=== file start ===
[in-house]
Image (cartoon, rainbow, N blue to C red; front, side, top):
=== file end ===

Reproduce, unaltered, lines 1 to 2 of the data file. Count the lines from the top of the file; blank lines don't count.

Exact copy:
[in-house]
Image (cartoon, rainbow, N blue to C red; front, side, top):